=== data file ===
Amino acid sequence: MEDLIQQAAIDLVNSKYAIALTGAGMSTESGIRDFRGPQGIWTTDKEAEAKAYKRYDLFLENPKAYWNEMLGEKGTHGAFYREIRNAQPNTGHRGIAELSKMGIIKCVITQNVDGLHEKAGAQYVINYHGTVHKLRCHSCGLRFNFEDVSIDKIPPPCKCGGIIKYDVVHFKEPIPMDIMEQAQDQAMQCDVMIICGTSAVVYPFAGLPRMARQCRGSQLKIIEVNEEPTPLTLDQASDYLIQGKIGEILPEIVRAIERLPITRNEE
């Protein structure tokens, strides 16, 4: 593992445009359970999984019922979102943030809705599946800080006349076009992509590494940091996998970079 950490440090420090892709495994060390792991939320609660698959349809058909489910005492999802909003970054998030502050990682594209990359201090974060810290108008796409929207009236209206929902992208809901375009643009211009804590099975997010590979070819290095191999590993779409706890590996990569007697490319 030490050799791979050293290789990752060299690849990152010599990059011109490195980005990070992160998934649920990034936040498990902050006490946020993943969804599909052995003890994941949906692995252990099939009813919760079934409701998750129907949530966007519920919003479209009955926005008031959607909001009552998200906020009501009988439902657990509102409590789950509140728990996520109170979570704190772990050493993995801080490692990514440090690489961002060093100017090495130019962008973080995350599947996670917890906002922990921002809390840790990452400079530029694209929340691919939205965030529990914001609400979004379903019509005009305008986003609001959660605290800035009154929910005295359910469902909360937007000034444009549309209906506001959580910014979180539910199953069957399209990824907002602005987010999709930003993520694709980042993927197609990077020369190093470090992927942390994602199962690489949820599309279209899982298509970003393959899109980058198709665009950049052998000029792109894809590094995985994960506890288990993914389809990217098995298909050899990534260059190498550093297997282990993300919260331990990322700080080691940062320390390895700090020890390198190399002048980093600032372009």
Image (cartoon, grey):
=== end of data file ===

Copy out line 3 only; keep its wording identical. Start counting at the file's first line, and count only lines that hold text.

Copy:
Image (cartoon, grey):